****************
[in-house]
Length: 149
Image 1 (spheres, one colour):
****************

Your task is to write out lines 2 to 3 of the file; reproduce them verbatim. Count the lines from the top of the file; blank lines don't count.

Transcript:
Length: 149
Image 1 (spheres, one colour):